Google Summary

  • Last updated on November 10, 2022

Google, the leading Internet information organization and search company in the world, is one of the fastest growing companies in the world. It daily provides services to corporations, government agencies, nonprofit organizations, and individuals in a platform-independent manner.

Google emerged from pioneering work on an Search enginesInternet search engine known as BackRub that was created in January of 1996 by Larry Page and Sergey Brin, two graduate students at Stanford University. They first sought to license their search technology to another company, but when that failed, they decided to form their own company. They received $100,000 in financing from Andy Bechtolsheim, one of the founders of Sun Microsystems. Because the check was made out to “Google, Inc.,” which did not yet exist as a corporation, Page and Brin had to incorporate to cash it. They convinced family, friends, and others to invest, collecting a total of $1 million.Google

The company launched in rented garage space in Menlo Park, California, in September of 1998, starting with just 10,000 search queries a day and three employees. In June of 1999, when the company had eight employees and more than 500,000 Internet queries per day, it obtained an infusion of $25 million in venture capital from Sequoia and Kleiner Perkins. By 2000, when Google introduced a one-billion-page index to the World Wide Web and had more than 100 million search queries a day, it had come to control the world’s largest search engine. On April 19, 2004, it became a publicly traded company on NASDAQ. In October, Google announced its first quarterly results as a public company, with revenues of nearly $806 million. By 2008, the company had grown to encompass more than seventeen thousand employees in twenty nations offering search services via 160 local country domains on the Internet and in more than 117 distinct languages from its Googleplex headquarters in Mountain View, California, and locations worldwide. Google reported revenues of $5.2 billion for the first quarter of 2008 (ending March 31, 2008), up 42 percent from the first quarter of 2007 and up 7 percent from the fourth quarter of 2007. Net income for the same period was $1.31 billion as compared with $1.21 billion in the fourth quarter of 2007.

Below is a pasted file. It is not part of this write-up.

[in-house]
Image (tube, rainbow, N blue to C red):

The founders of Google, Sergey Brin (above) and Larry Page at the company’s headquarters in Mountain View, California, in early 2004.

(AP/Wide World Photos)

Over the course of its evolution, Google has acquired more than fifty companies and annually spends about a third of its revenues on search technologies, a third on advertising technologies, and a fifth on businesses related to its interests in organizing the world’s information. Major acquisitions in 2006 and 2007 included YouTube, a consumer media company; Postini, a communication security and compliance company; and DoubleClick, an Internet advertising service provider. Through its many products and services, Google provides search technologies for print, visual, and audio media. It has entered into a growing partnership with major libraries to make available fully searchable digital forms of the world’s literature. The company has also launched into wireless technologies and created Google.org as a philanthropic arm of the corporation.

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